Then again, this is a fighting game, not an RPG, so onto the meat of things: the fights. Chronophantasma is, like all of Arc System Works previous games, a fast paced fluid 2D fighter with plenty of style and eye candy, as well as a fairly technical and in depth fighting system. Players coming from other fighters such as Super Street Fighter IV may find the system mechanics and pace of the game take some time getting used to but it is a rewarding fighter to play once you’ve invested some time into it. The game does feature a comprehensive tutorial mode as well as individual character challenges to teach you basic and intermediate combos, but apart from a time investment becoming truly skilled at Chronophantasma will require online research into frame data, videos of high level Japanese play, character specific matchups and the like. The game will give you the basic tools to get started but will not carry you through to the upper echelons. Much like with the plot, this is somewhat to be expected, but it would have been nice to have it contained within the game proper.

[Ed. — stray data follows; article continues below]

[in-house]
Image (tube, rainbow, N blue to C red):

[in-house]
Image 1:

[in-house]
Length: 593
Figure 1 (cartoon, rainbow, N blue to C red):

The mechanics of the game have not changed drastically although some significant changes have been made to shake things up a bit. Guard Primers, a defensive system from Continuum Shift onwards, have been ditched in favour of Crush Triggers, a move that each character possesses which costs 25% meter and when not Barrier Blocked will cause Guard Crush, opening the victim up for a combo. Crush Triggers also have their use in combos as damage boosters and compliment some characters’ play styles really well, such as Arakune. Bursts now also regenerate much like in Guilty Gear, but the old Gold Burst mechanic has been replaced with Overdrive, a system install for each character that enhances their supers and drive moves as well as making the opponent unable to burst mid-combo while active. Some character’s supers such as Ragna’s Blood Kain have been merged into the Overdrive mechanic as a result, and Overdrive combos are especially flashy and brutal if executed properly. Lastly, hitstop has been reduced across the board, which in layman’s terms makes fights feel much more fluid and fast paced, alleviating a complaint heard a few times about previous iterations of Blazblue, particularly from long time Guilty Gear players used to a more fast paced style of play.